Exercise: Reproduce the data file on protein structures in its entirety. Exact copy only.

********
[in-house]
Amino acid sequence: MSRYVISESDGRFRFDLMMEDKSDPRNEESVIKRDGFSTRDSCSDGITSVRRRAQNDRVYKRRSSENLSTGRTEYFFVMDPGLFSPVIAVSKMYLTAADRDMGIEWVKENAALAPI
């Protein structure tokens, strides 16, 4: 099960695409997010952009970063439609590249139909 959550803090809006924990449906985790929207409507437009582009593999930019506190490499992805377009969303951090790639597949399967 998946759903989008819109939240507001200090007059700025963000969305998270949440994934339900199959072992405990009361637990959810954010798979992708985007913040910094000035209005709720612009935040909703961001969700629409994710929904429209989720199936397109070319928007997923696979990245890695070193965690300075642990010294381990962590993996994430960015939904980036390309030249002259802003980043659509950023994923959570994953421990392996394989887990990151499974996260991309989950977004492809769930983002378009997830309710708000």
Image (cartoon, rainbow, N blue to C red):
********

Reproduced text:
[in-house]
Amino acid sequence: MSRYVISESDGRFRFDLMMEDKSDPRNEESVIKRDGFSTRDSCSDGITSVRRRAQNDRVYKRRSSENLSTGRTEYFFVMDPGLFSPVIAVSKMYLTAADRDMGIEWVKENAALAPI
């Protein structure tokens, strides 16, 4: 099960695409997010952009970063439609590249139909 959550803090809006924990449906985790929207409507437009582009593999930019506190490499992805377009969303951090790639597949399967 998946759903989008819109939240507001200090007059700025963000969305998270949440994934339900199959072992405990009361637990959810954010798979992708985007913040910094000035209005709720612009935040909703961001969700629409994710929904429209989720199936397109070319928007997923696979990245890695070193965690300075642990010294381990962590993996994430960015939904980036390309030249002259802003980043659509950023994923959570994953421990392996394989887990990151499974996260991309989950977004492809769930983002378009997830309710708000």
Image (cartoon, rainbow, N blue to C red):